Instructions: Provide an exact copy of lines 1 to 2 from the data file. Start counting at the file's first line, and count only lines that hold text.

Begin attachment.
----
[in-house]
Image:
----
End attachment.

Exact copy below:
[in-house]
Image: